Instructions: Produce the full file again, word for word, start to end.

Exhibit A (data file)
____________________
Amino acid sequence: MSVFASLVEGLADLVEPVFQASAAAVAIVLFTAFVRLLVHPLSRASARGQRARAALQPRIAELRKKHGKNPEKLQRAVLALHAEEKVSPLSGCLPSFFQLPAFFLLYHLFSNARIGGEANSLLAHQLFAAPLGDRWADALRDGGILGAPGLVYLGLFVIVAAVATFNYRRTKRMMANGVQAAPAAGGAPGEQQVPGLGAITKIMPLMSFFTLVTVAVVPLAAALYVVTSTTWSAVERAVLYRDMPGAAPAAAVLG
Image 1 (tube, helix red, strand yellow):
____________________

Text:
Amino acid sequence: MSVFASLVEGLADLVEPVFQASAAAVAIVLFTAFVRLLVHPLSRASARGQRARAALQPRIAELRKKHGKNPEKLQRAVLALHAEEKVSPLSGCLPSFFQLPAFFLLYHLFSNARIGGEANSLLAHQLFAAPLGDRWADALRDGGILGAPGLVYLGLFVIVAAVATFNYRRTKRMMANGVQAAPAAGGAPGEQQVPGLGAITKIMPLMSFFTLVTVAVVPLAAALYVVTSTTWSAVERAVLYRDMPGAAPAAAVLG
Image 1 (tube, helix red, strand yellow):